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Definition:

Melanoma of the eye is cancer that occurs in various parts of the eye.



Alternative Names:

Malignant melanoma - choroid; Malignant melanoma - eye; Eye tumor; Ocular melanoma



Causes, incidence, and risk factors:

Melanoma is a very aggressive type of cancer that can spread rapidly.

Melanoma of the eye can affect several parts of the eye, including the:

The choroid layer is the most likely location of melanoma in the eye.

The cancer may only be in the eye, or it may spread (metastasize) to another location in the body. Melanoma can also begin on the skin or other organs in the body and spread to the eye.

Melanoma is the most common type of eye tumor in adults. Even so, primary melanoma of the eye is rare.

Excessive exposure to sunlight is an important risk factor. The occurrence of melanoma has greatly increased in recent decades. Fair-skinned and blue-eyed people are most often affected.



Symptoms: In some cases, there may be no symptoms.

Signs and tests:

An eye examination with an ophthalmoscope may reveal a single round or oval lump (tumor) in the eye.

Tests may include:



Treatment:

Small melanomas may be treated with lasers or by radiation therapy . Chemotherapy may be needed if the tumor has spread. Surgical removal of the eye may be necessary to prevent the spread of the tumor to the brain or other organs.



Support Groups:

For additional resources, see cancer support group .



Expectations (prognosis):

The outcome for melanoma of the eye depends on the size of the cancer at the time of diagnosis. Most patients will survive at least 5 years from the time of diagnosis if the cancer has not spread outside the eye.

If the cancer has spread outside the eye, the chance of survival is much lower.



Complications:

Calling your health care provider:

Call for an appointment with your health care provider if you have symptoms of melanoma of the eye.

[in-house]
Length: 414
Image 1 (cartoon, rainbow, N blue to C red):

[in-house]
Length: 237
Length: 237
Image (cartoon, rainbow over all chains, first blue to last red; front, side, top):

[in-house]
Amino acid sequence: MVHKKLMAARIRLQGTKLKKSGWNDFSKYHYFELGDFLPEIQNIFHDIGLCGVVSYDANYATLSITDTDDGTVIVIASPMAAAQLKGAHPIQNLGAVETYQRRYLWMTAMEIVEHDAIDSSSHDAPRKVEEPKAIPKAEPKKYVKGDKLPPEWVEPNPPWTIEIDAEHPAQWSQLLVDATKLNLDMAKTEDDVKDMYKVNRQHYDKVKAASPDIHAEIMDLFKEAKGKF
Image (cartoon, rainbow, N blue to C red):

Prevention:

The most important way to prevent eye melanoma is to avoid excessive exposure to sunlight, especially between 10 a.m. and 2 p.m., when the sun's rays are most intense. Wear sunglasses, and be sure they have ultraviolet protection.

A yearly eye exam is recommended.



References:

Damato B. Treatment of primary intraocular melanoma. Expert Rev Anticancer Ther. 2006;6:493-506.




Review Date: 3/24/2008
Reviewed By: Stephen Grund, MD, PhD, Chief of Hematology/Oncology and Director of the George Bray Cancer Center at New Britain General Hospital, New Britain, CT. Review provided by VeriMed Healthcare Network. Also reviewed by David Zieve, MD, MHA, Medical Director, A.D.A.M., Inc.

The information provided herein should not be used during any medical emergency or for the diagnosis or treatment of any medical condition. A licensed medical professional should be consulted for diagnosis and treatment of any and all medical conditions. Call 911 for all medical emergencies. Links to other sites are provided for information only -- they do not constitute endorsements of those other sites. © 1997- A.D.A.M., Inc. Any duplication or distribution of the information contained herein is strictly prohibited.
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